ECHO

EXCLUSIVE: Interview with MIYA MIYA

After meeting at university and bonding over their shared love of music, emerging british band, MIYA MIYA merged their talents to become a chart topping writing team. “All Night Long” which they penned for Jonas Blue and Retrovision climbed to No.1 on the Billboard Dance charts. 

Now MIYA MIYA is blending their intimate storytelling with a unique fusion of anthemic stadium and alternative pop on their debut EP “Cold Blood”

Check out what Ginnie, Jordan, Gio and James had to say about the EP,  the “Cold Blood” music video, and more.

How are you all doing today?

Jordan: Really good!

Ginnie:  Yeah, really good. 

James: A bit rainey here, but It’s a perfect time to be in the studio. So yeah, doing alright.

Gio: We shot our music video on Tuesday for Cold Blood which is out in the next couple of weeks. We’ve been super tired by it so we’ve just been relaxing the past few days because It was quite a tiring day. 

What was it like to shoot the music video during these Quarantine times? 

Ginnie: It was such a relief to kind of be out of our houses for the first time and actually seeing the boys. We hadn’t seen them because of Quarantine. It was actually amazing. It felt like such a breath of fresh air. It was really good.

Gio: We hadn’t seen each other for like 102 days. I think the longest before that is probably a week of not seeing each other. It’s not been too bad because we’ve been Zooming everyday and being able to produce and working on new songs. That aspect has been fine. Being actually physically acquainted again was amazing. 

James: The video was amazing, but kind of weird because everyone was in masks, everyone had their gloves on and sort of socially distancing. It was just sort of like a really strange experience, but an amazing experience 

Gio: It was really weird as well because the whole scene of the video was basically we were in a laboratory, but then all the crew are in these masks as well so it looked like they were in a music video too.

It sounds like from the music video you’re working on and from your other music videos that you’re very into the visuals. Why is that something that is important to you to combine with your music? 

Gio: I think we just want to take people to this world where they can just be free and forget about everything else and they can just be taken away to this place that we’re trying to create for us and for them. 

Jordan: We’ve always wanted to do things as big as possible. Like our first video “Underwater,” I think we had like a 200 pound budget. We were like we want fire, we want an underwater tank. 

Gio: We had to produce the video ourselves. We have a really amazing friend called, Henry Nathan and his team who did the videography and we were just telling him these mad ideas like we want to set fire to a mattress and put it in a swimming pool. So we go to this guy’s house and we’re like can we use your empty swimming pool to set fire to a mattress and he was like ‘hell yeah!’ Henry is like flying the drone over the pool. That was mad. But, it was super stressful because we had to concentrate on performing and overseeing the whole video. So on Tuesday, it was really nice to just kind of almost be able to focus solely on the performance and not have to worry about anything else really.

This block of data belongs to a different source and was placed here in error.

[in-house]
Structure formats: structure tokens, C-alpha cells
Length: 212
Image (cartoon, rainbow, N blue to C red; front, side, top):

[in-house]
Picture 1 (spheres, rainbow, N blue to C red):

Jordan: But the bigger the better.

How did you all get connected? 

Jordan: We all went to university together in Guilford. So we sort of knew each other although we weren’t really close friends at that point, just like acquaintances. Then it wasn’t until afterwards that we…

Ginnie: We always used to meet at house parties.

Jordan: Yeah, exactly. 

Ginnie: We got to know each other there.   

Jordan: Then after, we started working on songs for other people which then slowly built into us not wanting to give the songs away. We can’t do it. 

Gio: We want to keep these. 

Jordan: That’s sort of how MIYA MIYA was born. 

Where did the name MIYA MIYA come from?

James: Ah, the question. The question. To be honest, we had a fair few names before and for various reasons we didn’t keep them. We had another name that was similar to MIYA MIYA and another band, they were a DJ duo, they released something … 

Gio: ..from Austrailia. 

James: …in Austrailia. We were like ‘aw, damn.’ But, we really liked our logo so we thought we wanted to keep the two “M”s, so yeah, MIYA MIYA came around. We all agreed that we all loved it. We ended up loving it more than the old one I think. 

Jordan: Trying to find a band name now that no one’s used is impossible, basically. You could think of the most random thing and someone’s got it.

Who did you listen to growing up and do you feel like they influenced your sound today?